The extension argument is case-insensitive, and can be specified with or without a leading dot.


RemoveHandler directive

Syntax: RemoveHandler extension [extension] ...
Context: virtual host, directory, .htaccess
Status: Base
Module: mod_mime
Compatibility: RemoveHandler is only available in Apache 1.3.4 and later.

The RemoveHandler directive removes any handler associations for files with the given extensions. This allows .htaccess files in subdirectories to undo any associations inherited from parent directories or the server config files. An example of its use might be:

/foo/.htaccess:
AddHandler server-parsed .html
/foo/bar/.htaccess:
RemoveHandler .html

This has the effect of returning .html files in the /foo/bar directory to being treated as normal files, rather than as candidates for parsing (see the mod_include module).

The extension argument is case-insensitive, and can be specified with or without a leading dot.


RemoveType directive

Syntax: RemoveType extension [extension] ...
Context: virtual host, directory, .htaccess
Status: Base
Module: mod_mime
Compatibility: RemoveType is only available in Apache 1.3.13 and later.

The RemoveType directive removes any MIME type associations for files with the given extensions. This allows .htaccess files in subdirectories to undo any associations inherited from parent directories or the server config files. An example of its use might be:

/foo/.htaccess:
RemoveType .cgi

This will remove any special handling of .cgi files in the /foo/ directory and any beneath it, causing the files to be treated as being of the default type.

Note:RemoveType directives are processed after any AddType directives, so it is possible they may undo the effects of the latter if both occur within the same directory configuration.

The extension argument is case-insensitive, and can be specified with or without a leading dot.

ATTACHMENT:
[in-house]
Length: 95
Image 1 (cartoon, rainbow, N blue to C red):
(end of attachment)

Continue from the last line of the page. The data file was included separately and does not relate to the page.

SetHandler directive

Syntax: SetHandler handler-name|None
Context: directory, .htaccess
Status: Base
Module: mod_mime
Compatibility: SetHandler is only available in Apache 1.1 and later.

When placed into an .htaccess file or a <Directory> or <Location> section, this directive forces all matching files to be parsed through the handler given by handler-name. For example, if you had a directory you wanted to be parsed entirely as imagemap rule files, regardless of extension, you might put the following into an .htaccess file in that directory:

    SetHandler imap-file

Another example: if you wanted to have the server display a status report whenever a URL of http://servername/status was called, you might put the following into access.conf: (See mod_status for more details.)

    <Location /status>
    SetHandler server-status
    </Location>

You can override an earlier defined SetHandler directive by using the value None.

See also: AddHandler


TypesConfig directive

Syntax: TypesConfig file-path
Default: TypesConfig conf/mime.types
Context: server config
Status: Base
Module: mod_mime

The TypesConfig directive sets the location of the MIME types configuration file. Filename is relative to the ServerRoot. This file sets the default list of mappings from filename extensions to content types; changing this file is not recommended. Use the AddType directive instead. The file contains lines in the format of the arguments to an AddType command:

MIME-type extension extension ...
The extensions are lower-cased. Blank lines, and lines beginning with a hash character (`#') are ignored.


Apache HTTP Server Version 1.3